Reconnect Microsoft Money
Quicken seemed to be the odds-on favorite to gain traction with many previous Money users. Quicken isn't a bad option, but it was a step backwards for most Money users. When the Money death bell rang at Microsoft, Intuit quickly began working on an improved import feature for Money users. After all, it's not every day that your chief competitor calls it quits. With the release of Quicken 2010, the full import functionality was (supposedly) implemented. I have never tested it myself, but I would guess that it (mostly) works as advertised, and switching to Quicken was likely a palatable option for many users. We also have the option of just starting from scratch, with a different finance package, but there won't be support for importing Money data. There are a few open-source and free options available as well, but (again) those do not import Money data directly, requiring instead that the user "export" the data and then "import" into the new software (which mostly doesn't work).
Perhaps it would be better to just dump Money and get it over with, going through the pain of a transition rather than implementing a fix. My opinion was (and still is) that keeping Money alive for as long as possible is a better option. Which of the new-breed software packages will thrive and grow, and which will bite the dust? I have no idea, but I do know that I don't want to be a guinea pig, or lose all my past data.
Microsoft offers Money Plus Deluxe Sunset as a free download. This is a final (free) edition of Money, but does not include any built-in online features. This is great for Money users, as it allows installation on new computers without having to worry about whether it can be "activated". Add the PocketSense script package, and you're all set for direct connect updates.
Note: Existing Money users should remove online connections for their accounts in the existing Money data file before installing the Sunset Edition. Users report that the Sunset edition does not allow online connections to be deleted. Use of alternate means of data import (such as the software provided on this site) may be more difficult to implement when accounts are still configured for online statements within Money.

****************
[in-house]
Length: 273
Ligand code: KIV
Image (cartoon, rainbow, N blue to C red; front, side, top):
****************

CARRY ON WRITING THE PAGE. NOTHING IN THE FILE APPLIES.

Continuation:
Using the Back Door
Fool me once, shame on you...
Money has a useful import feature, providing a back-door path to gathering online updates. In its simplest implementation, the user goes to each of their financial institutions and downloads their latest transactions, subsequently importing the resulting files into Money. If you only have a single online account, this option wouldn't be too onerous. By no surprise, many of us have more than two or three accounts, and repeating the cycle over and over again each time we want to update would be less than satisfactory. Fortunately, we don't have to.
Thanks to OFX transaction servers, the dirty work can be done for you. I began looking into the option in late 2009 and, during a search, ran across TheFinanceBuff web site. His series, titled Replacing Money, presented a discussion of Python scripts that appeared to do what I wanted. The article consisted of a series of posts describing how he got started, the changes he had made, and some alternatives he had considered. As presented, the option required a few computer skills that many users probably weren't comfortable employing, but it looked promising. The scripts weren't exactly what I'd call "robust" in the way they handled downloads, errors, etc., so there was a clear opportunity to build upon an existing idea, while enhancing function.